SPIEGEL ONLINE: The markets are yet again in turmoil, the euro on Monday fell considerably and the risk premiums on Italian state bonds have climbed to a record level. How dangerous has the situation become for the country?
Burghof: What Italy is experiencing at the moment is a massive shot across the bow. But it was also overdue. The country is not innocent when it comes to its decline. In particular, it was Prime Minister Silvio Berlusconi's reckless chatter that led to this market reaction.
SPIEGEL ONLINE: In what way?
Burghof: Berlusconi publicly questioned the austerity drive of his finance minister, Giulio Tremonti, the very man who stands most credibly for a solid Italian finance policy.
SPIEGEL ONLINE: So do you think that this warning shot will now result in Italy taking action?
Burghof: It doesn't necessarily mean that. You read little about the crisis in the Italian media. That is alarming to me because it shows that the country would prefer to detach itself from reality. One can do that for a while, but now the capital markets are obviously saying: Those days are over. Either you face up to reality or you will be punished.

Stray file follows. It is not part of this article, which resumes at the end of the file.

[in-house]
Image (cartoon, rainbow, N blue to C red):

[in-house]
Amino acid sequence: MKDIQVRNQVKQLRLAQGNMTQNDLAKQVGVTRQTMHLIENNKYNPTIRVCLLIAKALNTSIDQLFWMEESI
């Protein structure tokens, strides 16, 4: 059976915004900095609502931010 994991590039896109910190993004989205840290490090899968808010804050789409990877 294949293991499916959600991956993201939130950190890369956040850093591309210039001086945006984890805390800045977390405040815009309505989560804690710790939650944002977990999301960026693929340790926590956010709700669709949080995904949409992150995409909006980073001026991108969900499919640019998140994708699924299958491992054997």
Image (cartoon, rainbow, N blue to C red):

SPIEGEL ONLINE: And do you think this punishment in the form of higher borrowing costs for Italy could become the biggest problem yet for the entire euro zone?
Burghof: Correct. But there is one advantage for Italy. It has to be clear to everyone that we cannot save this country. The principle that was applied to Greece -- the idea that we just need to throw enough money at the problem and everything will be OK -- won't work. Everyone knows that Italy has to solve its problems on its own.
SPIEGEL ONLINE: What must Italy do in concrete terms?
Burghof: To begin with, Italy first needs to implement credible savings measures. The Berlusconi government already has considerable problems in that respect. The country also needs a strict revenue policy -- tax evasion needs to be fought more effectively. And some things have also gone wrong with Italy's industrial policy.
SPIEGEL ONLINE: At the moment, the government isn't making a very confident impression. Finance Minister Tremonti has linked his fate with that of the country and the currency: If he falls, he said, then the euro will follow.
Burghof: That is a definitely a little melodramatic. On the other hand, one has to say that Tremonti is convincing when it comes to reforms and credible when it comes to savings. It doesn't make Italy any more credible when Berlusconi cracks jokes about him.
SPIEGEL ONLINE: What can other euro-zone countries do in order to prevent the spread of the debt crisis?
Burghof: We need to stick to our principles. Right now, we are paying the price for breaching those principles. That means that as long as we do not have a central economic government (for the euro zone) that can discipline violators of the deficit rules, then it is the markets that will do so -- and every country in the euro zone will be held liable for the sins of other EU member states by the markets. We cannot allow this kind of reflex action.